To illustrate what the various types do, let’s look at our own Miami. Examples of high level MA (manual work) include:

·         Take bribes

·         Take drugs

·         Push drugs

·         Insert silicon

·         Shoot guns

·         Shoot baskets

·         Build stadiums

These are all manual occupations that define South Florida. Not surprisingly, there are also some cases of MI (mind work):

·         Ponzi schemer

·         Medicare defrauder

We also have our share of MO (mouth work):

·         Politicians evading prosecution

·         Lawyers helping politicians

·         Anchorwomen reporting on politicians and their lawyers

·         Anchormen filling the air with nonsense and inane jokes

·         Reporters talking about the latest shooting

·         Silicon lips

                Mouth types tend to talk a lot. Mind types tend to think a lot, and manual types just do whatever the other two didn’t have time for because they were too busy talking or daydreaming. It’s a terrible thing when you need someone to DO STUFF and all they can do is TALK instead of PERFORMING FOR EXCELLENCE. Generally, you want people who are low on mouth work and high on mind work. Of course, if they are good on manual work, you want them to have at least an IQ of a 100 so they don’t screw up whatever it is they are doing. Needless to say, a high IQ does not hurt, unless it is accompanied by verbal diarrhea, which is often the case in law firms, universities, government, and the Chris Matthews show.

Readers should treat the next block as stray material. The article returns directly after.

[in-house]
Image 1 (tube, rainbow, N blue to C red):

All you really need to know to achieve the NEXT LEVEL is how to hire for the right mix of MI MA and MO. To discern the right amount of each ingredient, you need to take into account two criteria:

1.       Skills required to perform EXCELLENTLY